In another major victory for pro-lifers, a federal appeals court on Thursday upheld a new Kentucky law requiring doctors to conduct an ultrasound visible to a woman and allow her to hear the fetal heartbeat at least 24 hours prior to an elective abortion.
The Sixth Circuit Court of Appeals upheld the “Ultrasound Informed Consent Act” 2 to 1. The law was originally passed in 2017, but has been hamstrung in the courts after being immediately challenged by the abortion industry.
Angering pro-abortion advocates even more is the fact that the majority opinion was written by Trump-appointed Judge John Bush, who determined that the law did not violate a doctor's First Amendment right to free speech because the requirements included “truthful, non-misleading, and relevant information about an abortion."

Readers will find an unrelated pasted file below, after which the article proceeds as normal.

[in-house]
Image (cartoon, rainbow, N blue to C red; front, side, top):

“This also inherently provides the patient with more knowledge about the effect of an abortion procedure: it shows her what, or whom, she is consenting to terminate,” Bush wrote in his opinion. “That this information might persuade a woman to change her mind does not render it suspect under the First Amendment. It just means that it is pertinent to her decision-making.”
Kentucky Gov. Matt Bevin hailed the decision as a victory for life in a statement Thursday.
"Today is a historic day, as Kentucky continues to lead the charge in implementing strong pro-life protections for its citizens," he said. "We applaud the decision by the Sixth Circuit, which affirms the commonsense notion that patients should be well equipped with relevant information before making important medical decisions. I am grateful to be governor of a state that values every human life, and we are committed to continue our fight on behalf of the most vulnerable among us."